I’m an assistant D.A., a lawyer in other words, and people don’t think too highly of us. But let me tell you something: the rest of society doesn’t seem, from a lawyer’s point of view, to necessarily have its act together either. Maybe it takes a lawyer to get an honest picture of things, without any prettyfication. I mean, we encounter all types from the worst angle. We’re presented with every conceivable, or at least every conceived, perversion. Let me just give you an example, and you tell me what you think. A man by the name of Salvatore comes down to the office to talk to us about our case prosecuting Rudey Baker, the young upstanding citizen who sliced that cheerleader to pieces over in Madison last year. Turns out Mr. Salvatore is the girl’s father. He wants to know if we can allow him to make a request regarding the sentence we’re going to ask for. I tell him we’ll be glad to follow his wishes. Those were my exact words, and I wouldn’t have said them if I hadn’t thought I understood. And I probably shouldn’t have said them anyway. But the next thing I know Mr. Salvatore is requesting that we not ask for the death penalty, not ask for the maximum prison time, and recommend for future consideration the reintegration program (which is that newly instituted system wherein criminals, even sometimes violent ones, are given assistance finding employment, but are closely supervised). Now, Mr. Salvatore was dressed like a wealthy man, but you never can tell. It might have been he’d seen a new suit as a reasonable investment. I asked him whether there was anything we could do to assist his family in their time of grief – did they have any financial difficulties, for instance? “No, thank you, but no,” he said. And he didn’t seem the type to forego justice for an unnecessary little gain. I mean, if he was motivated by the restitution payments Rudey Baker would make once employed, there had to be some sort of crisis he was hiding. If so, he hid it well. “Did you ever meet Baker?” I asked him. He said he hadn’t, and asked what I knew about the man.
Just then Ms. Dalena approached us, and reproved me for asking Mr. Salvatore such a question. She introduced herself to Salvatore, and told him that Baker was, naturally, a pretty unlikable character. “But,” she said, “I’m sure you don’t want to know about that.” I told her what Salvatore had requested, regarding the sentencing. For a while Ms. Dalena said nothing. Then she almost asked the same thing I had: whether he knew anything at all about the killer. But instead she stopped and asked him “Why?”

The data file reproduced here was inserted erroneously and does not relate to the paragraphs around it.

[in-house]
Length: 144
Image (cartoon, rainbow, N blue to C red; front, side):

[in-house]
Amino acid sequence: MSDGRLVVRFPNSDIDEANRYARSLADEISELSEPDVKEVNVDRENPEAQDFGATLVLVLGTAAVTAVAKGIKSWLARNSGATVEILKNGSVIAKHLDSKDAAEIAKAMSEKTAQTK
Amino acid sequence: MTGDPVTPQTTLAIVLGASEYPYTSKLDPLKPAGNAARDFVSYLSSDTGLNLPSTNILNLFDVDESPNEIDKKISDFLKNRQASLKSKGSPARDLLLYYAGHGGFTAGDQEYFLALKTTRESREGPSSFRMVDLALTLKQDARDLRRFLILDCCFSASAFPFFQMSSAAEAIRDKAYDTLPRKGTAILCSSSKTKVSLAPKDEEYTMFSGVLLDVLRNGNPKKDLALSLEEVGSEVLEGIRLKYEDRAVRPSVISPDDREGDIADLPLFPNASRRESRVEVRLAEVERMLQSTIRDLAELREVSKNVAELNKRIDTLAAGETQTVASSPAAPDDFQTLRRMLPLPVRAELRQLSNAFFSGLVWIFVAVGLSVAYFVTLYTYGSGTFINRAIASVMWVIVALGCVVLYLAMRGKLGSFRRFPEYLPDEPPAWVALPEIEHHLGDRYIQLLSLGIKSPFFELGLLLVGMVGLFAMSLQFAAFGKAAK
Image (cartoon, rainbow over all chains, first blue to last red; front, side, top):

“Well, why not?” was Salvatore’s reply. He didn’t say it quickly though, like a cliche’. “That seems to me the question,” he said. “I have no desire to harm Mr. Baker. Do you? And if so, why?” Salvatore spoke loudly, even relative to a bunch of lawyers, and a few of the people in the office started listening to him. “Mr. Baker may be dangerous,” he said. “If so, we need to protect other people, and possibly Baker himself, from that danger. Mr. Baker may need to be punished in order to deter others from doing what he did.” That’s how he put it: “what he did.” Salvatore went on, addressing himself to a half-dozen people now: “Once we have acted in the interests of safety and deterrence, we need to act in the interest of Mr. Baker. He, after all, is what we are concerned with here. I would like to explicitly decline any payments of compensation. I don’t need it, and I cannot be compensated. My daughter no longer exists. She cannot be replaced, and she cannot be benefited. Does that seem inhuman to say? Check my DNA, you won’t find I’m a chimpanzee. Do I sound uncaring about my daughter’s life? Is that why I must be insulted with these inquiries as to my motives? Where’s the gain for this nut? Is it money? Is he an old friend of the killer? Please. No hard feelings, but save such stuff for the courtroom. None of you has seen me without these bags under my eyes, none of you knows where they’ve come from. My wife could tell you that I’ve slept no more than a total of five hours this week. She could tell you, though she won’t, that I’ve thought more than I should have of suicide. Don’t sympathize. Don’t try to represent